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13 movies that define the spoopy canon

More silly skeletons than scary slashers

A collage of various family-friendly horror-comedies Graphic: Petrana Radulovic/Polygon | Sources: Various

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Petrana Radulovic is an entertainment reporter specializing in animation, fandom culture, theme parks, Disney, and young adult fantasy franchises.

With Halloween just around the corner, many are on the hunt for the perfect horror movie to usher in the spooky season. But as much as we like being scared, there’s another staple of the Halloween movie canon to consider: the Spoopy Movie.

Spoopy originated from a (now-defunct) Tumblr post from 2011, which aggregated an even older Flickr photo of a misspelled Halloween sign. Instead of the word “spooky,” skeleton bones spelled out “spoopy.” The goof blew up, with other users sharing their own spotted misspelled Halloween phrases. Eventually, the term became associated with Halloween, specifically the part of Halloween that indulges the fun and spooky, without ever being too scary.

The term captures the nostalgia-tinged Halloween of childhood, filled with trick-or-treating, buckets of candy, and movies that tickled that holiday itch (but were not traumatically scary). Spoopy movies embrace macabre aesthetics, without being too graphic, and tell scary stories, without being too traumatizing. They’re a cartoonishly giant skeleton instead of a rotting corpse, one with a smile and a quippy joke instead of an insatiable hunger for flesh.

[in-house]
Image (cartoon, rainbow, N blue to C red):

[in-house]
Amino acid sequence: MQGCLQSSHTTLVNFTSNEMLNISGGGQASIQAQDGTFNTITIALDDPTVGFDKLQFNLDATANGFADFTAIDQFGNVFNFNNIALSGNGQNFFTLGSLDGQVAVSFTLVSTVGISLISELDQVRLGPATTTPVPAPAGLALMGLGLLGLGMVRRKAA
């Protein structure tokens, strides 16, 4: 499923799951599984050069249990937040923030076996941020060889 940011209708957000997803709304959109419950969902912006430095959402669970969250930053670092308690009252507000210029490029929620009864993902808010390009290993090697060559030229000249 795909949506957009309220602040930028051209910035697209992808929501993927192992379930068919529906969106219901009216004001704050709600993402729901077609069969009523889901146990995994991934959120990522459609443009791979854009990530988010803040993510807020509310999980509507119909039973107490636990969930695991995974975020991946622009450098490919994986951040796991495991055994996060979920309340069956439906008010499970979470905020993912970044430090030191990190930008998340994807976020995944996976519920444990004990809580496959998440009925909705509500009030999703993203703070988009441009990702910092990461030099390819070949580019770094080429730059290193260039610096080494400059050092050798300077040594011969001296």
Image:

Beyond celebrating the off-kilter Halloween aesthetic and presenting scary stories that kids can also enjoy, spoopy movies serve another vital purpose. Many of them also follow misfits — specifically outcast kids who struggle to find a place where they belong. And many of them end with said kids finding a community of their own, be it through other weirdos, supernatural beings, or realizing their own worth.

This list is far from comprehensive, but in the spooky spirit of Halloween, here are 13 quintessential spoopy movies that define this particular subgenre.

The Adventures of Ichabod and Mr. Toad (1949)

The headless horseman in The Adventures of Ichabod and Mr. Toad holds his sword and pumpkin in the air Image: Disney

Where to watch: Disney Plus

… specifically The Legend of Sleepy Hollow section. Sure, there are some autumnal scenes in the Wind in the Willows part, but Walt Disney Animation’s retelling of an iconic staple of American folklore is pretty legendary. Bing Crosby narrates this spooky tale, and the Hudson Valley setting is gorgeously rendered in swathes of autumnal color. It’s a great little entry into not just spoopy movies, but also the Headless Horseman lore. This version is actually one of the most faithful to Washington Irving’s original story!

Beetlejuice (1988)

Michael Keaton as Beetlejuice with his arms outstretched Image: Warner Bros

Where to watch: Max